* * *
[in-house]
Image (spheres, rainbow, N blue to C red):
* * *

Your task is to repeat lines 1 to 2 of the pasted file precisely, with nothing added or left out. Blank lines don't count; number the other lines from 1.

[in-house]
Image (spheres, rainbow, N blue to C red):